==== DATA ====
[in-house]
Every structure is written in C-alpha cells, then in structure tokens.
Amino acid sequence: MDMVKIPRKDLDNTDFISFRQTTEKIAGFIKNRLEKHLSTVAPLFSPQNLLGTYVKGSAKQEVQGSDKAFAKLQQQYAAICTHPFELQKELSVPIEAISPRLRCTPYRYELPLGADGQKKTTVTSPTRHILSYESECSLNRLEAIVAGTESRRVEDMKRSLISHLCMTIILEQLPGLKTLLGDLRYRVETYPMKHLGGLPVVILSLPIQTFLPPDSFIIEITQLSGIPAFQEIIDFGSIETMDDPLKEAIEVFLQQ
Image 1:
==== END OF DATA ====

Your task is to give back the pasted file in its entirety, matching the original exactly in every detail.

[in-house]
Every structure is written in C-alpha cells, then in structure tokens.
Amino acid sequence: MDMVKIPRKDLDNTDFISFRQTTEKIAGFIKNRLEKHLSTVAPLFSPQNLLGTYVKGSAKQEVQGSDKAFAKLQQQYAAICTHPFELQKELSVPIEAISPRLRCTPYRYELPLGADGQKKTTVTSPTRHILSYESECSLNRLEAIVAGTESRRVEDMKRSLISHLCMTIILEQLPGLKTLLGDLRYRVETYPMKHLGGLPVVILSLPIQTFLPPDSFIIEITQLSGIPAFQEIIDFGSIETMDDPLKEAIEVFLQQ
Image 1: